At times, this actually makes My Lottery Dream Home a fun and heartwarming watch. But it’s also so frustrating watching people waste so much money on underwhelming homes with the most boring design palettes.

Windy City Rehab

Alison Victoria on Windy City Rehab. HGTV

If you’re looking for a dose of good old-fashioned legal drama with your HGTV marathon, start with Windy City Rehab. The series is arguably as famous for its behind-the-scenes scandals as it is for Alison Victoria’s Chicago house-flipping.

Victoria, whose questionable taste causes Reddit debates, and contractor Donovan Eckhardt were sued by two separate pairs of homebuyers from Season 1, alleging fraud and shoddy work on the flipped homes. (Both suits reached settlements.) Eckhardt then filed a defamation lawsuit against the production company, claiming he was falsely depicted as a “villain.” (His suit was dismissed.) Some homes featured on the show also sold at a loss following their renovations.

Victoria’s on-camera reactions to the lawsuits and the deterioration of her and Eckhardt’s working relationship make for a dramatic and startling watch in Season 2. Combine that with the ability to nitpick at furniture and design choices? Bring out the popcorn.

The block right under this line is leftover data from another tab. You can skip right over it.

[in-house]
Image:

Down Home Fab

Chelsea and Cole DeBoer on Down Home Fab. HGTV

Down Home Fab is the newest HGTV show on the list, only premiering in January. But married hosts Chelsea and Cole DeBoer’s tastes are divisive, to say the least. As eloquently asked by one Reddit user, “What is farm-industrial-rustic-glam-fab?”

The show follows the 30-something couple as they run a home renovation business in South Dakota. There, they make said divisive style choices... like installing a hot pink fireplace or putting velvet upholstery on the walls. You’ll find something to gawk at with awe and horror in every episode.

That said, with a second season set to premiere in 2024, there’s time for the show to grow from its shaky beginnings — only if they choose one design aesthetic and stick to it.